Like I said earlier, this tour has been a massive celebration of everything we have achieved as a record label over the last 10 years. It has been 10 years of great teamwork and great music and we owe a massive debt to our many artists, the posse that we have built over the years that continually deliver the freshest music in our scene and always give everything they have when they turn up to play at one of our events – but it’s also largely down to the people behind the scenes that never get their faces in the music media, the label managers and distributors, the graphic designers and the promotion team, the film makers and the party production crew, the agents and logistic guys. We wouldn’t be where we are today without this finely tuned engine where everyone plays their part and takes pride in their work on our behalf. I am so thankful to all these people, my friends who work their asses off day in, day out, to help me get our messages of music out there to the world.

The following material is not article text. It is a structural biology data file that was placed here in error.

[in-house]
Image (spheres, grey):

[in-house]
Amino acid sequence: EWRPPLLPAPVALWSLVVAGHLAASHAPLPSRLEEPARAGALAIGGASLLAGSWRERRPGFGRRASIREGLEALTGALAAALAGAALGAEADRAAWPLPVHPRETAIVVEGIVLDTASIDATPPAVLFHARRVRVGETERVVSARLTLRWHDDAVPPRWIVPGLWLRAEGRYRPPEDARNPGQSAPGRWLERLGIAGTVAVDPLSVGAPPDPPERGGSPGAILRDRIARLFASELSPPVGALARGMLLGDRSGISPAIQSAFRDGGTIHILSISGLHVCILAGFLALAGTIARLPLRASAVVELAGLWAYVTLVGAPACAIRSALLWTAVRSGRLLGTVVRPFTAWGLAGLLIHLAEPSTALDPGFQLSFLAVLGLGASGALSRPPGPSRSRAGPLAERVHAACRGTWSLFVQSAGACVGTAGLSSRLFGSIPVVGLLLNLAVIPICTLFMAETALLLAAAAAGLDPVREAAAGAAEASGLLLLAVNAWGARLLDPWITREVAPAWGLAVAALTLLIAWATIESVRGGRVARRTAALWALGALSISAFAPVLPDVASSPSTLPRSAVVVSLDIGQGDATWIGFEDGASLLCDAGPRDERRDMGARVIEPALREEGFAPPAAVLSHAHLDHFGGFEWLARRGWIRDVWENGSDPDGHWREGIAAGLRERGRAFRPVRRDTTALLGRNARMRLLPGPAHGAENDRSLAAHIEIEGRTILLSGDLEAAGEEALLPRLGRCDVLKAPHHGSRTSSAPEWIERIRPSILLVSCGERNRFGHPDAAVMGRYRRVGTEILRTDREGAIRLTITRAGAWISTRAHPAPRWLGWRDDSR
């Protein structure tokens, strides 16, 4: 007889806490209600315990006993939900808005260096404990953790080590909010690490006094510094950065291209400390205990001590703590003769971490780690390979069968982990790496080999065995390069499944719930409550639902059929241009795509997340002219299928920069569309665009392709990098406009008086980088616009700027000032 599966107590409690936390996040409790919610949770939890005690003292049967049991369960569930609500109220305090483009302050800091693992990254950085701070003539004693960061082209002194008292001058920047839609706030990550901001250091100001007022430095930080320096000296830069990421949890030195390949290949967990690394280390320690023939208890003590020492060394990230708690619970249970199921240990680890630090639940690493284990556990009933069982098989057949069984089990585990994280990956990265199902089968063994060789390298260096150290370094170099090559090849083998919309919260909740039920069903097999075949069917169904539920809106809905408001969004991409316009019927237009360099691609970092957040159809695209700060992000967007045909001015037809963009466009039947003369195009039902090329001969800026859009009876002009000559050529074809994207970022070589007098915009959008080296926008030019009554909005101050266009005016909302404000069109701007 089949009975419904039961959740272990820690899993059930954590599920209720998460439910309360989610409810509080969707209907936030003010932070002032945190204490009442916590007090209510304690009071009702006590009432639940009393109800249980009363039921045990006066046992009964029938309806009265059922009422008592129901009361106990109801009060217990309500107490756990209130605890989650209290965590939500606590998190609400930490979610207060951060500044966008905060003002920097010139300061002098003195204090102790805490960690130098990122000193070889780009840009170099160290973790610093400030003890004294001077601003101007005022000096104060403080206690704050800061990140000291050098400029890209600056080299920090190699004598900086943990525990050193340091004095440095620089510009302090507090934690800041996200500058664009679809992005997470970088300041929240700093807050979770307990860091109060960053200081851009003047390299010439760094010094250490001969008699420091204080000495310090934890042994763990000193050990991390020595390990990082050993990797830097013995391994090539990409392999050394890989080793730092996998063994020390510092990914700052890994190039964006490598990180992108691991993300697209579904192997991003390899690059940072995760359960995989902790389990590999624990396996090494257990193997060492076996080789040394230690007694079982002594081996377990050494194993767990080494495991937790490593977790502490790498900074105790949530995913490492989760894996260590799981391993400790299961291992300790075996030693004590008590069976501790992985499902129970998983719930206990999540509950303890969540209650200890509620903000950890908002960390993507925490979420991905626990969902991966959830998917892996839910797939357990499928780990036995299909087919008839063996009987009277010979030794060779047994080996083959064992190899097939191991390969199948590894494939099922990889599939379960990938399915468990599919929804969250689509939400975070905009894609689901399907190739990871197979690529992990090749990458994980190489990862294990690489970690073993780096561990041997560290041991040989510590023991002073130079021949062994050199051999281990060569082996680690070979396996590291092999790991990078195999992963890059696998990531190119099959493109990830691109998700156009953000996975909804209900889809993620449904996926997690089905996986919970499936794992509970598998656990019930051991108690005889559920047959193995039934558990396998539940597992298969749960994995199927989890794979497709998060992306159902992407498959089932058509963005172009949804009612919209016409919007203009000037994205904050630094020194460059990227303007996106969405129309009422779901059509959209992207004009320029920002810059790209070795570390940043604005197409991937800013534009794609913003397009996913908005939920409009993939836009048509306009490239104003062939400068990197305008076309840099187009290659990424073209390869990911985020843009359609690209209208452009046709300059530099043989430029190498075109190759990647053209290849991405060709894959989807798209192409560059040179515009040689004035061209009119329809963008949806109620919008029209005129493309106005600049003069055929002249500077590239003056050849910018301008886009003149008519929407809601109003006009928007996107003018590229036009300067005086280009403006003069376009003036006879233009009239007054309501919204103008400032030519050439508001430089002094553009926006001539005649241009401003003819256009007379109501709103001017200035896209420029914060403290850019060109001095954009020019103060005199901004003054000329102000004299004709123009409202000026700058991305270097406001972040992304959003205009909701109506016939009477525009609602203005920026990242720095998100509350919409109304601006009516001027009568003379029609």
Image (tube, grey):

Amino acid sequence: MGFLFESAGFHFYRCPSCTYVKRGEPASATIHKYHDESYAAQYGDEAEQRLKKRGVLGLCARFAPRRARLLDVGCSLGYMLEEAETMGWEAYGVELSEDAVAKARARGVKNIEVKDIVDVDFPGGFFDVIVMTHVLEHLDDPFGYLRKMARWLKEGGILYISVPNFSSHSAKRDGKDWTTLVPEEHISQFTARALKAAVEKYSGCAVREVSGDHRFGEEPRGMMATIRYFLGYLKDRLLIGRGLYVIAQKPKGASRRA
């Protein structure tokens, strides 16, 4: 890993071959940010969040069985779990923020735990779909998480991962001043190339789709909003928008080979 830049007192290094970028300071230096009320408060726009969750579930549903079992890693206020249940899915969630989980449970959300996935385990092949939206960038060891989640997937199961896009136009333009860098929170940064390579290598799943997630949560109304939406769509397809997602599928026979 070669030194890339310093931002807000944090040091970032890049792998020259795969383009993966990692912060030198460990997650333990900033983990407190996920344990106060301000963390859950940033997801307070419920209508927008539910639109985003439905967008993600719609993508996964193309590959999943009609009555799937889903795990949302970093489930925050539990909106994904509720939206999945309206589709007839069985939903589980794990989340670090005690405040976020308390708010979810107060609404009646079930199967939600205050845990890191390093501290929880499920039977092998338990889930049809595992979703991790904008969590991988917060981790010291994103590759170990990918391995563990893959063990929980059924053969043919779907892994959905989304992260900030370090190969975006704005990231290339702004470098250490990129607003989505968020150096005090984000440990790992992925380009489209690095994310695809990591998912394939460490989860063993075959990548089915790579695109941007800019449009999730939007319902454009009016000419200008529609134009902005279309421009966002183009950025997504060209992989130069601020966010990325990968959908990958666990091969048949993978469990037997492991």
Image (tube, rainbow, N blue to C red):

So we leave the Panorama Bar at around 3pm Thursday afternoon and I am ready for a short four day holiday in Tulum before getting straight back into it. I’m feeling really good about my sound and my music right now, I also feel that after these 10 amazing years of Crosstown Rebels I have a achieved something very special on a personal level, a global fan base of amazing people who every week come out to party with me somewhere on this fine planet of ours.
And I play fabric on June 15th and I look forward to seeing you there for another of our special mornings together!